The Maritime History of the Great Lakes
Eclipse (Propeller), U7495, exploded & sunk, 1 Jun 1853

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ECLIPSE Propeller Tug, exploded in Chicago, killed one man and sunk. Property loss $8,500
      Buffalo Express
      Jan. 2, 1854 (casualty list)

      . . . . .

last evening about a quarter past eight o'clock, the boiler of the tug propeller ECLIPSE burst - while she was winding up a few rods above Madison St. bridge.
All the crew were saved, except the second fireman named Crawford, who is supposed to be drowned. The wheelsman, Geo. Howe, is badly though not dangerously injured, and Peter Fairbanks, (colored) the first engineer, was also badly burned. He was pulled from the wreck by Capt. Johnson, one of the owners.
The fragments flew in all directions. One piece broke in the roof of a barn in which were a pair of horses belonging to Mr. Throop, but we are informed they were not injured. The boiler was capable of sustaining 150 Lbs. to the square
inch, but at the time of the explosion there was about 45 or 50 Lbs. to the square inch, the safety valve allowing them to blow off at 50 pounds.
A defect in the boiler is the supposed cause of the explosion. A full investigation of the circumstances will be had this morning.
      The river was covered with fragments of the wreck, and portions were blown on board the vessels in the vicinity. The Captain, John Lyman, was landed on a pile of lumber on the south side of the river: and one of the hands was picked up in a lumber yard on the opposite side. Neither were seriously injured.
The boat was built at Buffalo last summer. She was owned by E.R. Blackwell of Buffalo, and Captain S.M. Johnson of this city, the former owing two and the latter one-third.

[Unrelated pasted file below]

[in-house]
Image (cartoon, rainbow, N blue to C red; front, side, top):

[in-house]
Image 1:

The ECLIPSE was valued at $10,000. She was insured $3,500 in the Chicago Mutual Insurance Company, and $3,500 in the Hartford Insurance Company. --- Chicago Press
      Buffalo Daily Republic
      Friday, June 3, 1853

      . . . . .

      Yesterday an attempt was made to raise the wreck of the ECLIPSE. Mr. Durfe succeeded in raising the forepart, and then fastened to the boiler and attempted to raise it, but owing to the weight of the water in it, or from the pipes attached being entangled with some part of the wreck, he had not succeeded when we left.
      The hull is shattered too much to admit of being repaired, or at least made sufficiently strong for towing purposes. -- Chicago Tribune, Monday.
      Detroit Free press
      June 8, 1853

      . . . . .

      The prop. tug ECLIPSE, which blew up several weeks ago near Madison Street bridge, is on a floating dock, waiting for repairs. She is broken in two amidships, but her bow and stern are apparently as good as ever. A portion of the exploded boiler lies in her hold. A view of the hull exhibits the great force of the explosion. Capt. S.M. Johnson, one of the owners, was to leave last evening for Buffalo, to procure a new boiler. -- Chicago Dem. Press, Saturday.
      Detroit Free Press
      June 28, 1853

      . . . . .

      At the floating dock and shipyard of Dolittle & Miller, the propeller tug ECLIPSE is being rebuilt. It will be remembered that she blew up in the river last spring, and her centre was torn all to pieces. She will be nearly new when she comes out again.
      Detroit Free Press
      September 14, 1853

Steam screw ECLIPSE. U. S. No. 7495. Of 136 tons gross. Built Buffalo, N.Y., 1852. First home port, Buffalo, N.Y. DISPOSITION -- Lost 1871, by burning at Lakeport at Lakeport, Mich., October 20, 1871.
      Merchant Steam Vessel of the U. S. A.
      The Lytle - Holdcamper List, 1790 to 1868

Media Type:
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Reason: exploded & sunk
Lives: 1
Remarks: Repaired
Date of Original:
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Geographic Coverage:
  • Illinois, United States
    Latitude: 41.85003 Longitude: -87.65005
William R. McNeil
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Eclipse (Propeller), U7495, exploded & sunk, 1 Jun 1853